Rudy Fernandez is one of the best all around players in all of Europe.
The 29-year old is an elite athlete for the European game. He is terrific in transition, creates separation off the dribble with his long strides, hangs in the air with superb balance to finish around length and makes himself a target for lobs when the opponent stares at the strong side for too long. Fernandez finished his 59 attempts at the rim in 793 Euroleague minutes at a 71.2% clip; particularly impressive considering his thin 185-pound frame in the context of his six-foot-six height. He is also effective off the bounce due to his ability to draw fouls at an above average rate as he is constantly looking for contact, resulting in 3.5 free throw attempts per 28 minutes last season.
Though he can struggle at times when forced to change directions, Fernandez is a good option out of the pick-and-roll. He hit his 72 mid-range jumpers in Euroleague play at a merely solid 38.9% clip but possesses very good instincts passing out of dribble penetration, assisting on 18.8% of Real Madrid’s baskets in his 1,915 total minutes and ranking seventh in the Spanish league in assist rate among shooting guards, while also managing to turn it over at a below average rate.
The majority of his production still came out of his shooting, though. 53.5% of Fernandez’s shots were taken from three-point range last season and he hit them at a 35.7% clip, but while averaging two makes per 28 minutes. He is a fluid shooter with a quick trigger; very effective coming out of staggered screens as few players in the European game can stay attached to him.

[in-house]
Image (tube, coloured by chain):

Aside from playing above the rim off baseline cuts, Fernandez also managed to leverage his athleticism by crashing the glass, ranking fourth in the Euroleague and fifth in the Spanish league in offensive rebounding rate among position peers. His ability to contribute even when he didn’t have the ball was essential for Real Madrid, which had several other options on offense. So though he finished only 23% of the team’s possessions with a shot, free throw or turnover (less than what you would expect from a player of his caliber), Fernandez’s impact wasn’t limited to his point scoring. As a result, Real Madrid averaged 122 points per 100 possessions with him on the floor in both leagues.
He was an equally positive presence on defense. Fernandez’s quickness translates into lateral mobility on that end as he is able to keep pace with most wings in the European game and effectively contest shots with his eight-foot-five standing reach. He looks to fight screens on the pick-and-roll more often than not but sometimes gets so focused on looking for the contact from the big man to try drawing a foul that he takes himself out of plays. Fernandez is active playing the passing lanes, looking to manufacture turnovers, ranking second in the Spanish league and eighth in the Euroleague in steal rates among position peers.
He also managed to leverage his athleticism for production on defense. Fernandez put his leaping ability to use and was an asset in rim protection, crashing in from the weak side. He ranked in the top 10 in block rate in the Spanish league and top 15 in the Euroleague among shooting guards. Fernandez was also an above average contributor on the glass, ranking in the top 10 in defensive rebounding rate among position peers in both leagues. Real Madrid allowed 98.2 points per 100 possessions with him on the floor in the Euroleague and 96.2 in the Spanish league. There was a drop-off of 8.1 and 7.5 points per 100 possessions, respectively, when he hit the bench.
Rafael Uehara is the managing editor of ‘Basketball Scouting’. More of his work can be found here or at Upside & Motor, where he is a regular contributor. He can be followed on twitter as @rafael_uehara.